Albert Einstein is famously quoted as saying: “Compound interest is the eighth wonder of the world. He who understands it, earns it … he who doesn’t … pays it.”
But it seems dentists, like most Americans, are slow to appreciate the wonders of compounding. According to the American Dental Association, only 4% of dentists are in a position to retire at the age of 65 and maintain their current lifestyle. By the time many dentists get around to retirement planning, they’re forced to adopt a strategy of “better late than never.”
However, when it comes to retirement savings, the key phrase is “the sooner the better.”
Here’s an example. Let’s say you wait until age 45 to start saving. You invest $1,000 per month for the next ten years, stopping at age 55. You then earn 7% on your savings for the next ten years. At 65 you’ll have $375,000.
But in another scenario, you save $1,000 per month from the age of 25 until you turn 35, then you quit saving but earn 7% interest until age 65. How much would you have? The answer is $1.5 million. Thanks to the wonders of compounding, starting a savings plan early makes a huge difference.
And when contemplating the compounding of your savings, consider how taxes cut into the compounding effect. Establishing tax deferred accounts, like a 401K, could save you hundreds of thousands over the course of your career.
Today’s dental school graduates, faced with the immediate demands of building a practice, too often don’t make financial planning a priority. This procrastination could come back to haunt them in the future.
For dentists starting their careers, it’s imperative to build a strong foundation for the future by devising a well thought-out financial plan early on. The young dentist’s financial priorities should be: managing student loans; managing risk; establishing an emergency fund; saving for retirement; managing wealth; and hiring the right team of specialists.
In the early years of their practice, a big concern for dentists is typically managing the loans that financed their education. Today’s dentists graduate school with debt ranging from $150,000 to $250,000. This deficit is often financed at rates as high as 6-8%. Once a dentist has obtained full-time employment, the smart move is to refinance this debt load to a lower rate, and pay it off as quickly as possible. As Albert Einstein pointed out, the sooner a young professional can change from paying interest on debt to earning interest on savings, the better.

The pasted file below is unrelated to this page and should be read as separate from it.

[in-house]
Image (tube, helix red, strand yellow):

A key part of a financial plan is dealing with risks. And one of the major risks that dentists face is becoming professionally disabled, so disability insurance is a must. Initially, insurers will only offer limited coverage to dentists with low incomes. However, the more a practitioner earns, the lower the rates become. A mistake dentists should avoid is neglecting to provide for additional coverage as his or her income increases. It’s important to review disability insurance needs and rates regularly.
Life insurance is another important risk management decision. Life insurance provides a means to protect one’s family from student loan liability, mortgage debt, and loss of income in the event on an untimely death.
Saving for short-term emergencies is also crucial. Every young dentist should establish an emergency fund. For households with two incomes, keeping three months’ worth of living expenses on hand is a recommended guideline -- twice that for households with one income.
As we’ve seen, the majority of dentists wait until later in life to begin saving for retirement. It can’t be stressed enough that instituting a savings program early in one’s career is essential. Lack of foresight can keep dentists tied to the dental chair, when they could be enjoying retirement traveling or spending time with their families.
Beginning a retirement savings plan late in life will force a dentist to save significantly more of his or her income to catch up. After years of working so hard building a practice, no professional wants to have their lifestyle pinched because a big chunk of income must go into the retirement fund.
Dentists must be excellent businessmen to succeed in an increasingly competitive environment. And part of running a successful business is assembling a great team. Finding a trusted financial advisor to help manage wealth accumulation and protection is a smart move. The services of a good estate planning attorney and a CPA are also essential.
For the recently graduated dentist, building a practice is a demanding and exciting time of life, and retirement seems a distant event. But by creating a sound financial plan early on, the young dentist will help ensure that his or her days as an older dentist are rewarding and enjoyable.
This article was originally published in the North Carolina Dental Society’s Gazette.